Not Enough

Who: Aerishani and Rori
Where: Council Room, Honshu Weyrhold
What: In which Aerishani (temporarily?) steps down as Weyrlady.


It has been over two weeks since Leesa had been delivered back to Honshu, tortured and left for dead by the Court. Her critical condition continues to improve every day, giving much of Honshu relief and positive hope that their dragonhealer will return to full health. Rori has been attentive to her duties, mindful of picking up anything additional that needs to get done without adding to Aerishani’s load. She and Inaskashath have been gone most of the day, attending to personal matters. When they return, Inaskashath reaches out a tendril of light towards Amorenth. << When yours has time, can she please meet Rori in the council room? >> Within the council room, Rori has set up for a meeting – having brought homemade baked goods and fresh tea to share with Aerishani. Another of papers reside on the table and Rori seems content as she sips from her own mug.

Aerishani has not looked much better over the time that has passed since Leesa was dumped on O’rlen’s ledge, and though she’s yet to start looking outright ill, the shadows beneath her eyes speak of a long wanting of a decent night’s sleep. As ever, Amorenth chooses not to waste words on what she must deem a needless response, yet Aerishani shows up all the same, a heavy satchel slung across her body. “Sorry, Amorenth’s in one of her moods,” is the only greeting she provides before sinking down into a chair and letting the satchel slip to the floor. “Thank you for… just carrying on. I know it isn’t fair to you for this continue and I’ll make sure everything you’ve been handling is adjusted more equally between us from now on. If you’ve any need to divert anything in the time being, I don’t know if you’ve noticed, but the bronzeriders seem inordinately willing to be helpful, of late. They want to be noticed.”

“They want to earn favor they can’t earn another way,” Rori’s comment is by far the most biting she has ever shared in the company of Aerishani. She takes a sip of her tea and lowers it, letting the silence settle as she considers the state of Aerishani. “I think the opposite is necessary, Aerishani,” she tells her Senior, “I believe I need to take on the full extent of this Weyrhold until you are whole again. She holds up a hand to stop Aerishani from speaking if she were going to. Her posture adjusts as she sits up straighter in her chair. “I ran Fort immediately after a crisis,” she tells her, “and doing so for Honshu is my honor. When such things happen…,” she cannot outright speak on the subject of Leesa, “the only thing I have learned that heals it is time. I am offering you time. With O’rlen and your sons.” She flips the papers in front of her, watching as they flick up by her thumb and then release in a gentle thwap-thwap back to the bottom of the table. She considers Aerishani, waiting for her to push back at the idea presented.

Aerishani regards Rori with a hollow stare that is no front to conceal any anger at what she’s been presented with, but only the plain depths of a weary bitterness. “…And what if I don’t want the knot back?” she puts to her, her tone lacking the edge of a direct challenge. “What then?” She waits, whether expecting an answer or otherwise, before forging ahead. “I don’t know if I can repair my marriage, and the truth of it is that I don’t know whether I’d be trying to save it for my sake or because I feel it shouldn’t be that O’rlen’s knot gets sacrificed along with it if it means Amorenth makes another choice when she next rises. I didn’t want to be a queenrider any more than I imagine you had designs on power before Inaskashath chose you.” She twitches a shoulder. “If I had managed to maintain what I thought was good and right in the world in this Weyrhold, Leesa wouldn’t be in the infirmary. We wouldn’t be where we are now. My voice wasn’t enough to keep this from happening. So, perhaps that means it shouldn’t be my voice leading anymore.”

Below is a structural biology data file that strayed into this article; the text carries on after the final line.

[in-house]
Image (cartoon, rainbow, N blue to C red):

Rori blinks in the face of Aerishani’s words, taken aback by a turn she had not quite prepared for. “I was offering it not to replace you, Aerishani,” she tells her softly, her features edging towards pity. “I only know that you deserve it offered to you. After everything, Nala and I went through… I needed the time I got when we moved back here to help us find balance.” Her gaze flickers as the weight of Aerishani’s offer settles on her shoulders. “Inaskashath will likely choose Jynth again and again. Her bond to him grows stronger every day,” she tells Aerishani. “Is a Senior Weyrwoman and a blueriding Weyrleader any better than what Fort had with Arlet as their brownriding Weyrleader? If I were to take the knot from you permanently,” she continues frankly, giving Aerishani the respect of entertaining this proposition. “The Council may take it into their mind to make another attempt on Nala’s life. I do not think Nala would also want the burden of leadership.” She draws her lower lip between her teeth to chew, looking over Aerishani’s shoulder. “I didn’t stop O’rlen either,” she reminds Aerishani as she turns bleak features to Aerishani. “You are not the only one to blame.”